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Radiographics. 1993 Jan;13(1):21-36.

MR imaging of the developing human brain. Part 1. Prenatal development.

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Department of Diagnostic Radiology, Mount Sinai Medical Center, Miami Beach, Fla. 33140.


To establish a baseline of the magnetic resonance (MR) imaging appearance of the fetal brain in early stages of development, the authors undertook a study of fixed and fresh specimens of embryos and fetuses of 6-28 weeks gestational age. Images of formalin-preserved and fresh specimens were comparable in their depiction of anatomic structures. On MR images of embryos of 6 weeks gestational age, the rhombic and cervical flexures, aqueduct of Sylvius, diencephalon, cerebellum, cerebral hemisphere, and fourth ventricle could be differentiated. The optic recess and chiasm, pituitary gland, pineal recess, third ventricle, pons, olfactory lobe, corpus striatum, insula, and parietal and temporal lobes could be distinguished as early as 11 weeks gestation. Although MR imaging is impractical as a screening tool for intrauterine abnormalities, it can demonstrate the fetus in great detail and allows a more specific evaluation of fetal anatomy. With the information provided by MR imaging, it may be possible to establish guidelines for assessment of the stage of development during intrauterine life.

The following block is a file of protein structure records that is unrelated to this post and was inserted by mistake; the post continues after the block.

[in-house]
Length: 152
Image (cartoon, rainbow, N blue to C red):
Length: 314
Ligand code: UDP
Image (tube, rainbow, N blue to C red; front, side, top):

[Indexed for MEDLINE]

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